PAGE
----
"Commanders ought to have and use the tools that are the most effective in terms of changing climate and affecting the behavior of people in their units, and that’s to have available to them the power to send to a court-martial," Levin said Monday.
Manual left behind in Mali suggests al-Qaida training to use feared surface-to-air missile
TIMBUKTU, Mali (AP) -- The photocopies of the manual lay in heaps on the floor, in stacks that scaled one wall, like Xeroxed, stapled handouts for a class.
Except that the students in this case were al-Qaida fighters in Mali. And the manual was a detailed guide, with diagrams and photographs, on how to use a weapon that particularly concerns the United States: A surface-to-air missile capable of taking down a commercial airplane.
The 26-page document in Arabic, recovered by The Associated Press in a building that had been occupied by al-Qaida in the Islamic Maghreb in Timbuktu, strongly suggests the group now possesses the SA-7 surface-to-air missile, known to the Pentagon as the Grail, according to terrorism specialists. And it confirms that the al-Qaida cell is actively training its fighters to use these weapons, also called man-portable air-defense systems, or MANPADS, which likely came from the arms depots of ex-Libyan strongman Col. Moammar Gadhafi.
Santa Monica gunman who killed 5 had bomb-making material as juvenile in 2006
LOS ANGELES (AP) -- Police found bomb-making materials seven years ago in the home of the gunman who killed five people last week in Santa Monica, a school board official said on Tuesday.
Police discovered the materials after John Zawahri threatened fellow high school students in 2006, Oscar de la Torre, a member of the Santa Monica-Malibu Unified school board, told The Associated Press.
The board was briefed by school administrators after police found Zawahri was learning to make explosives by downloading instructions from YouTube, de la Torre said.
"It was some type of devices or materials that would be able to make explosives, and the word ‘pipe bombs’ was what was referred to," he said. "If it was guns and stuff like that it would have been more serious, but because it was explosives, it wasn’t deemed ‘Oh my God,’ just that this guy had a fascination."
Zawahri wasn’t expelled, de la Torre said, but he never finished classes at Olympic High, a continuation school for students who have academic or disciplinary issues.
Morning-after pill appears headed to drugstore shelves, but which one and how soon?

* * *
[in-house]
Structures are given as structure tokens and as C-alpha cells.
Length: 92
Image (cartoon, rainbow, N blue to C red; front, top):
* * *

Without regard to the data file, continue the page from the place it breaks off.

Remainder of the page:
WASHINGTON (AP) -- Don’t look for the morning-after pill to move next to the condoms on drugstore shelves right away -- but after a decade-plus fight, it appears it really will happen. Backed into a corner by a series of court rulings, the Obama administration has agreed to let the Plan B One-Step brand of emergency contraception sell over the counter to anyone of any age.
There still are a lot of details to be worked out, including whether a federal judge agrees that the government has gone far enough or whether cheaper generics can be sold without restrictions too.
But the move does mark a major societal shift in the long battle over women’s reproductive rights, and influential doctors’ groups welcomed the step Tuesday.
"Allowing unrestricted access to emergency contraception products is a historic step forward in protecting the health of our patients who are sexually active," said Dr. Thomas McInerny, president of the American Academy of Pediatrics. "The science has always been clear: Emergency contraception is a safe, effective tool to prevent unintended pregnancy in adolescents of any reproductive age."
On the other side, social conservatives argue that the drug’s availability undermines parental supervision, and accuse the administration of politicking.
Dispatch call describes Paris Jackson’s injuries after taking pills, cut with kitchen knife
LOS ANGELES (AP) -- Paramedics were dispatched to Paris Jackson’s home on a report that the 15-year-old had taken 20 Motrin pills and cut herself with a kitchen knife, audio of an emergency dispatch released Tuesday shows.
The Los Angeles County Fire Department released audio of a call describing the need for paramedics between one of its dispatchers and a sheriff’s department dispatcher who was relaying information from the home.
Paris is the only daughter of pop superstar Michael Jackson and was hospitalized after the June 5 incident.
The teen was described as conscious and breathing during the call, but no other details about her condition or what led to the injuries were given on the call, which lasted approximately a minute.
Perry Sanders Jr., a lawyer for her grandmother and guardian, has said Paris is physically fine and receiving appropriate medical treatment. He did not return a phone message seeking comment Tuesday.